While these factors are relevant for diagnostic and treatment considerations, none of them alone are sufficient to explain the development, precipitation or continuation of the events and it is their multifactorial interaction that might facilitate the expression of PNES.
The ‘psychogenic’ nature of PNES implies that the events are considered an expression that the body and mind have in response to emotionally relevant information; in many cases, the emotionally distressing factors remain outside of the awareness of the patient. The fact that the events or attacks are psychogenic does not imply that they are voluntarily fabricated. The events are outside of the patient’s control. The DSM-IV-TR classifies PNES as a form of conversion disorder (itself, a form of somatoform disorder) .
Presentation of Diagnosis and Treatment
Once the existence of PNES is established, discussing the findings with the patient and, when pertinent, with his or her family, is the first therapeutic step. An important task in the presentation of the diagnosis is emphasizing what PNES are rather than, and in addition to, what they are not. In about 10% of patients, PNES resolve with an explanation of the problem. It has also been shown that longer-term outcome is better in PNES patients who accept that they have PNES than those who continue to think that they have epilepsy, and who are likely to remain heavy users of health care services. Some forms of normalization of the patient’s illness experience have positive effects on psychosocial outcome (such as giving explanations linking physical and psychological factors based on the patients’ experience) while other forms have been found to be harmful (basic reassurance, reporting negative test results, giving negative results and generic explanations) .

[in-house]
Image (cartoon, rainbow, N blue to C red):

Event reduction (in both frequency and severity), improvements in quality of life and social functioning, decrease in use of antiepileptic drugs, medical utilization and iatrogenic complications, as well as addressing psychiatric comorbidities should be considered equally important goals of treatment .
Evidence-based treatment approaches for PNES are limited due to the small number of studies, small samples and open-label design . A promising approach that has shown evidence of efficacy in open-label studies is cognitive-behavioral therapy (CBT) [31, 32], a manualized, time-limited form of psychotherapy. Individualized psychological treatment based on each patient’s presentation and comorbidities should also be considered . Psychiatric comobordities commonly encountered in PNES usually necessitate pharmacological treatment and a small open-label, uncontrolled study found a reduction in PNES frequency with the antidepressant sertraline .
PNES constitute an important differential diagnosis in individuals who present with seizures, particularly when seizures are poorly controlled. The delay in diagnosis and treatment is costly to patients and society. The gold standard for diagnosis is capturing a typical event during v-EEG monitoring; specific forms of epilepsy and certain physiological paroxysms need to be ruled out. Several biological and psychosocial risk factors have been identified as contributing to the multifactorial background on which PNES present. PNES are classified as a conversion disorder and considered an expression of emotional distress. Treatment is aimed at reducing the events, improving quality of life, minimizing iatrogenic complications and addressing comorbid psychiatric conditions. Cognitive-behavioral psychotherapy has shown efficacy at reducing PNES frequency in small, uncontrolled trials and is considered the cornerstone of treatment.